Do Plastic Bans Work?

Major governments around the globe implement plastic bans to achieve higher greenhouse gas emission reduction and environmental conservation targets. Low-value plastics, such as bottles, straws, and cutlery, are hard to recycle and almost difficult to benefit from for waste staff. According to a 2008 Waste Management survey, people worldwide waste between 500 billion and 1 trillion plastic bags per year. As a major contributor to the Great Pacific Garbage Patch, the National Oceanic and Atmospheric Administration (NOAA) lists single-use plastic bags. Such pollution at the ocean poses a serious threat to marine life.

Let's look at the initiatives that countries in the world have taken to tackle this growing issue:

1. Kenya:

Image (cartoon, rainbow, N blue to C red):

African countries have adopted significant steps to combat plastics in the right direction. In August 2017, the Kenyan government prohibited the use, manufacture and sale of plastic bags. The punishment for breaching the law ranges up to four years in prison, or a fine of $38,000.

The Manufacturers Association of Kenya unsuccessfully challenged the ban in court. They were seeking to save an estimated 100,000 jobs which would be lost as a result of the ban. The Kenyan government has confirmed, according to BBC, that since the ban 80% of the population has stopped using carrier bags. Though after it came into effect, the ban led to the organization of "bag cartels" smuggling illicit plastic bags from Uganda and Tanzania. Supermarkets and many shops no longer sell carrier bags but smaller, thinner plastic bags have been used by small traders.

2. France: